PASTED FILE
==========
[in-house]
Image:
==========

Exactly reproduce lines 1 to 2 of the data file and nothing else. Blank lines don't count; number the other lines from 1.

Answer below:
[in-house]
Image: